Pressing, Impressing, Or Sitting?

May I ask, dear reader, that you please visit before proceeding and read this brief devotional article?

The foregoing link, “Pressing Him”, from Chip Brogden’s insightful daily article, was the catalyst for what follows. The point brought into focus in this article is that the majority of the crowds “pressed” in on Jesus for what they could get out of Him for their temporal wellbeing – miracles, food, healing… and the like. Some even sized Him up with the view to their own political agendas of making Him their king, even to the point of insurrection and the ousting of Imperial Rome from the Holy Land.

We can all come up with the twenty-first century counterparts to these, if we’re at all aware of what’s happening in the world, especially the world of religious motivations.

But Jesus would have no part of it, for His Kingdom was and is not of “this world”. He was always about His Father’s business – exclusively.

Additionally we have the loyal, “busy” servant minded people. Here’s where it gets tricky, since “serving” can be based in spiritual pride, manifesting from our own view of “righteousness”, which insofar as Scripture is concerned, is that of “filthy rags” [see Isaiah 64:6]. These efforts come from our ego and not from God’s anointing and the direction of the Holy Spirit.

So we understand that it is possible to get lost in impressing Jesus with our own personal agendas about what we think will please our Lord. We may not even realize that this is what drives much of our religious zeal and works.

This can amount to attempts at not only “impressing” God, but others, or even ourselves with Martha like serving – “Now it came to pass, as they went, that he entered into a certain village: and a certain woman named Martha received him into her house. And she had a sister called Mary, which also sat at Jesus’ feet, and heard his word. But Martha was cumbered about much serving, and came to him, and said, Lord, dost thou not care that my sister hath left me to serve alone? Bid her therefore that she help me. And Jesus answered and said unto her, Martha, Martha, thou art careful and troubled about many things: But one thing is needful: and Mary hath chosen that good part, which shall not be taken away from her.” [From Luke: 10:38-42.]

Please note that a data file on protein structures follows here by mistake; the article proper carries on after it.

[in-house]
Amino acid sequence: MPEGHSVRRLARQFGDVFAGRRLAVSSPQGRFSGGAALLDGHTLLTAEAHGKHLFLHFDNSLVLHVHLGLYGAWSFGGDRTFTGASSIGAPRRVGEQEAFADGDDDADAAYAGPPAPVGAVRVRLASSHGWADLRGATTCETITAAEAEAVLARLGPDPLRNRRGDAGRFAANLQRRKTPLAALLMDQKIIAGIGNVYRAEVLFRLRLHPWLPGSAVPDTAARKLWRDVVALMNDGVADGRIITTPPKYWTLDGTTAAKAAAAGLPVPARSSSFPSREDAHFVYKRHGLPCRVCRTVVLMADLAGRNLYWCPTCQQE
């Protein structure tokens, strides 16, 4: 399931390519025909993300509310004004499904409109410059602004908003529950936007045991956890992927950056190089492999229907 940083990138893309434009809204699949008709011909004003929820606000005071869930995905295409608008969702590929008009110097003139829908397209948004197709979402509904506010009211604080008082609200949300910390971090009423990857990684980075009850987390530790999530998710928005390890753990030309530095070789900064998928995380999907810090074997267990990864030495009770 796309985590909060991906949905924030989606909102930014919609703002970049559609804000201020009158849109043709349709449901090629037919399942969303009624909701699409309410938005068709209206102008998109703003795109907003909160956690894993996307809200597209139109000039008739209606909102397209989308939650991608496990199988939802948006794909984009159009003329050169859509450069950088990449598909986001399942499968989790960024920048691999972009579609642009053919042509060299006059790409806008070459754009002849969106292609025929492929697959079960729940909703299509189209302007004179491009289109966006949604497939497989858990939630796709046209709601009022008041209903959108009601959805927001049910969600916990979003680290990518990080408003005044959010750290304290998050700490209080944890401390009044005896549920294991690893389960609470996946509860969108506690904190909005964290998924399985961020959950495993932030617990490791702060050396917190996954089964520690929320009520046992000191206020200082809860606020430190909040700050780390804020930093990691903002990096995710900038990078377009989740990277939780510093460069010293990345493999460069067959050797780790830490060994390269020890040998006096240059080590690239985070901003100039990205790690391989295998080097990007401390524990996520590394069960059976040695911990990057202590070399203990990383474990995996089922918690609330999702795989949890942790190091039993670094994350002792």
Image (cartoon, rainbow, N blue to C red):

Who among us has not been care-full and troubled about things being just right?

If I Were Martha, I’m not sure I’d know how to handle that remark.

If you’ve ever been in a situation where you’re basically working your fingers to the bone to get a job done, and someone else is just sitting there [from your perspective], oblivious to the fact that you could use a hand, you can identify with how this feels. If it doesn’t happen at home, it’s a pretty typical, familiar scenario in just about any workplace.

The matter here, however, is that Jesus seems to be inviting Martha to examine her motives for serving Him. Was it what He was asking of her, or was it from her anxious self wanting to please Him, or might it have been religious tradition dictating her every thought, mood, and move about how a woman was to act as a hostess? What was the driving force behind Martha’s anxiety and anger?

This is good fodder for examining ourself to see if we are in the faith [see 1 Corinthians 13:5]. Or at least it may be worth contemplating what our modus operandi is in relating to Jesus, Am I pressing like the crowds, impressing like Martha, or sitting at the feet of Jesus as was Mary? Where are my “marching orders” coming from? He may want to show us our truth concerning this matter, at least if we can sit still long enough to simply spend some time with Him, hear Him, and understand what He is actually asking of us personally.

After all, might He simply want to remind us, “Take my yoke upon you, and learn of me; for I am meek and lowly in heart: and ye shall find rest unto your souls. For my yoke is easy, and my burden is light”? [Matthew 11:29,30.]

He may only wish to spend time with us and to call us His friends. “Henceforth I call you not servants; for the servant knoweth not what his lord doeth: but I have called you friends; for all things that I have heard of my Father I have made known unto you.” [John 15:15]

The Word made flesh and dwelling among us, Emmanuel – God with us – would like to call us friends, to sit with us, to cherish our companionship!

I cannot imagine anything more exciting than to hear this from Jesus! Yet how easily this can be missed due to all the “pressing” and “serving”.

Originally published on my website:


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